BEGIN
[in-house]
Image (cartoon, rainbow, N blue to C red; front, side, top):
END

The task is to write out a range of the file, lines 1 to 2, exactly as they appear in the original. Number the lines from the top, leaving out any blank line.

[in-house]
Image (cartoon, rainbow, N blue to C red; front, side, top):